Hypocritical sacralization is really about ownership of a disaster, not about remembering and honoring those who died. This applies both to the furor over the proposal to build a Muslim community center a few blocks from the site and the attempt by one atheist group to prevent the aforementioned cross-shaped piece of metal from being displayed in the national 9/11 museum. Why not just put a plaque on the museum, for people who are presumably too stupid to remember the real, as opposed to the mythic, 9/11, which says, “People of all faiths and no faith died here.”
Another element in the process of mythicization is a bloviated exaggeration of the traumatic effects of 9/11 on those who experienced the event only vicariously. The farther you get from New York, which bore the brunt of the attacks and where most lives were lost, the more Americans seem to insist on their ownership of the insult to the national psyche. It is as if I were to claim that I suffered from post-traumatic stress disorder because, like millions in November 1963, I saw Jack Ruby shoot Lee Harvey Oswald on television.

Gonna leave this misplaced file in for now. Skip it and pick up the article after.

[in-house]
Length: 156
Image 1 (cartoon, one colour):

James Coyne, professor of psychiatry at the University of Pennsylvania School of Medicine, published a fascinating critique last week of sociological and psychological studies suggesting that millions across the nation incurred post-traumatic stress disorder simply because they watched news coverage in the weeks after 9/11. What Coyne suggests is that “symptoms” such as “having difficulty falling asleep” and “not wanting to talk about the event” might not have been post-traumatic stress disorder but a perfectly normal response to events that created great uncertainty about the future.
In other words, you just might have been crazy if you weren’t a bit unhinged by what took place on 9/11. But that does not mean these events “changed everything” because they changed many of us.